If you need to move the hood up or down at the front, you have a few ways to do it. First, on each side there are the “bumpers”. The hood bumpers are located at each front corner and look like a bolt with a rubber pad on top. Just unlock the jam nut and raise or lower the “bolt” so it holds the hood at the height you need to match the fender. You may find that the hood won’t go low enough even with the bumper down far enough. The latch may not be down far enough. When you close the hood, you shouldn’t be able to pull up on the hood or push it down. The latch should be tight enough to hold it against the bumpers tight, but not too tight. If you have to apply too much force to open the hood or it opens with a loud POP, the latch is probably too tight. If it is at the right height but you can lift it up some, then the latch needs to be moved down.

Doors: If the doors are off the car, bolt the hinges to the door and the cowl in the middle of the movement allowed. Let’s face it, it “shouldn’t” be too far off the center of holes. If the doors are on or if after putting them on things are way out of whack, raise the door up on the hinges as far as it will go while still staying about the right height. You always want to start high, it is much easier to come down than go up. Besides this is the ONLY time you will loosen all the bolts on the door. I don’t mean ALL the bolts, leave the hinge to cowl (or center post on a four door) tight. Only loosen the door to hinge bolts. Unless it is WAY down then you may need to move the hinges up too. But do one at a time, both door to hinge or both hinge to cowl/center post.

While moving the hinges aligning the door NEVER loosen all the bolts on the hinge, NEVER. Loosen all but one, just till it is still a little looser than “snug”. Leave that last on just a little snug. Let’s say the door fits well but is a little too far rearward. NEVER loosen top and bottom hinges and move it forward. Loosen the top hinge to cowl/center post as described above and lift the rear of the door, a LITTLE. This will push the upper hinge forward. Now TIGHTEN that one bolt that was left snug. Do the same on the lower hinge, pushing down, but remember the weight of the door is helping, so little push is needed. Many times no pushing at all, just the weight of the door will do.

If the door fits well but is out at the top or the bottom, again, loosen ONE hinge to DOOR in the manner described and push it out or in. If it is out or in at the top rear for instance, move the bottom front in the opposite direction. This will pivot the door on the striker, and move the rear top where you want. Moving the bottom rear takes moving the top front of course.

You may need to twist the door. If the front fits well and rear is out at the top (or bottom, just reverse) you can put a block of wood at the rear of the door at the top lets say and push in on the bottom to twist the door. Some will take a LOT of force to bend, and be VERY careful not to let your fingers hang around the outside of the door edge!! I lost a finger nail doing this on a ’69 Shelby GT500 convertible once (remember it well) when the block of wood fell out with all my weight on the door while twisting!!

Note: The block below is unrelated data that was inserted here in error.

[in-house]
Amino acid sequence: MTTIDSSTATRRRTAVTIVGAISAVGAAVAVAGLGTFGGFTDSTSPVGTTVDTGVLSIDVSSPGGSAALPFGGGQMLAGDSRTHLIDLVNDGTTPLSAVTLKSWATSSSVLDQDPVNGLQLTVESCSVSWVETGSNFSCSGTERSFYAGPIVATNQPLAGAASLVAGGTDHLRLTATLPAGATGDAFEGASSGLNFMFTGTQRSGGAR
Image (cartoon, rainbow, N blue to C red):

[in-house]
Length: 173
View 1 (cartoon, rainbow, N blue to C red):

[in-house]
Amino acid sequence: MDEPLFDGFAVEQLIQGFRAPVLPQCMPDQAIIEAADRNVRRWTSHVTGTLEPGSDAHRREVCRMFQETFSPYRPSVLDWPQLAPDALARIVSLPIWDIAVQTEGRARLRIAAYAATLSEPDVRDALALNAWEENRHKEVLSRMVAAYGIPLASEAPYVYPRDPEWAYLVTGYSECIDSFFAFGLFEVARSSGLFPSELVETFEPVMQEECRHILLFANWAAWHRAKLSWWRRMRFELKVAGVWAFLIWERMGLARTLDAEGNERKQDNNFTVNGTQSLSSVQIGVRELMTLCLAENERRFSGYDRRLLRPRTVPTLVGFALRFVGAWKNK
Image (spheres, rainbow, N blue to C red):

Tip: If you are hanging the door and you have access to the hinges (either through the wheel well with the skirt off or if the fender it’s self is off) you can simply hold the door up to the opening and push the latch shut. Then put the bolts in the hinge. I can often install doors all by my self in this way.

Deck lid: The trunk lid is pretty much like the hood but the hinges don’t move at all on the body (usually). So shimming and twisting are a few of your only options beyond the movement in the slotted holes on the hinge. Bending the hinge or pushing up or down on the sides of the quarters, front or rear panel are the others. These should be done ONLY after all other things are tried.
Fenders: Most of the tips for doors and the hood work here, with a little twist or two. Start with fitting the rear top of the fender. I like to put all the bolts in, loose. Not falling out loose, just so the fender would easily move. Close the door, and with the hood open adjust the gap at the top of the rear of the fender to door. After you tighten other bolts this cannot be modified so, do it first. Tighten the bolt under the hood closest to the door to secure the position. You may need to shim a bolt at the rear of the fender to the cowl, to move the fender forward or back. After you have that bolt tight and the gap is to your liking open the door and tighten the rear fender bolt that is at the top of the fender in the door jamb. Now do the bottom bolt, with the door closed, adjust your gap. You may need to wedge a flat blade screwdriver or body spoon to “force” the fender forward to get the desired gap. Or just the opposite, use a 2x4 or something similar off the front tire to force the fender back to get the gap. This is one of the hard spots to get nice because you have to get both the gap and the in and out of the fender to door at the same time with the same bolt. Some cars have two bolts that are far enough apart to get the gap and tighten the front bolt and then pull the fender in or out and tighten the rear bolt to get the flush fit of the panels.